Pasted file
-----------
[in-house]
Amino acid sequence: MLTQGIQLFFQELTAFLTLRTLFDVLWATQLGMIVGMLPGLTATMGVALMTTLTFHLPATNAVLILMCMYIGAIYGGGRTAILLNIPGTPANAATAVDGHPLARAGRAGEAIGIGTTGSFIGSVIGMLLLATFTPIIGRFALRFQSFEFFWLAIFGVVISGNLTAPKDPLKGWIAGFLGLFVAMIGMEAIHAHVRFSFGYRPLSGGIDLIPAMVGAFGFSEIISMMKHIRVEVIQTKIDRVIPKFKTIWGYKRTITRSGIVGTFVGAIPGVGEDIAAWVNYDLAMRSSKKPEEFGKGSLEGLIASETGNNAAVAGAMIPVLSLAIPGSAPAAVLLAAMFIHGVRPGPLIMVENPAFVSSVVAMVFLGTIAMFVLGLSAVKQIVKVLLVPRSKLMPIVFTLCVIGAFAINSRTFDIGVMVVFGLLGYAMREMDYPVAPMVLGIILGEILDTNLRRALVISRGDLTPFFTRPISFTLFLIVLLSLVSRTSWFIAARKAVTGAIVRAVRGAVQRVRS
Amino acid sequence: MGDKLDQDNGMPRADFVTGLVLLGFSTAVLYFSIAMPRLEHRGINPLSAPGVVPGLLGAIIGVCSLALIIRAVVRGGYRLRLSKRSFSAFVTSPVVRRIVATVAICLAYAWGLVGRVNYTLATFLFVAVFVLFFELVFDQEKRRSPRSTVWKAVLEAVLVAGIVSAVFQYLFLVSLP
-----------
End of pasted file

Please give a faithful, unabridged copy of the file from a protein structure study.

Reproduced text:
[in-house]
Amino acid sequence: MLTQGIQLFFQELTAFLTLRTLFDVLWATQLGMIVGMLPGLTATMGVALMTTLTFHLPATNAVLILMCMYIGAIYGGGRTAILLNIPGTPANAATAVDGHPLARAGRAGEAIGIGTTGSFIGSVIGMLLLATFTPIIGRFALRFQSFEFFWLAIFGVVISGNLTAPKDPLKGWIAGFLGLFVAMIGMEAIHAHVRFSFGYRPLSGGIDLIPAMVGAFGFSEIISMMKHIRVEVIQTKIDRVIPKFKTIWGYKRTITRSGIVGTFVGAIPGVGEDIAAWVNYDLAMRSSKKPEEFGKGSLEGLIASETGNNAAVAGAMIPVLSLAIPGSAPAAVLLAAMFIHGVRPGPLIMVENPAFVSSVVAMVFLGTIAMFVLGLSAVKQIVKVLLVPRSKLMPIVFTLCVIGAFAINSRTFDIGVMVVFGLLGYAMREMDYPVAPMVLGIILGEILDTNLRRALVISRGDLTPFFTRPISFTLFLIVLLSLVSRTSWFIAARKAVTGAIVRAVRGAVQRVRS
Amino acid sequence: MGDKLDQDNGMPRADFVTGLVLLGFSTAVLYFSIAMPRLEHRGINPLSAPGVVPGLLGAIIGVCSLALIIRAVVRGGYRLRLSKRSFSAFVTSPVVRRIVATVAICLAYAWGLVGRVNYTLATFLFVAVFVLFFELVFDQEKRRSPRSTVWKAVLEAVLVAGIVSAVFQYLFLVSLP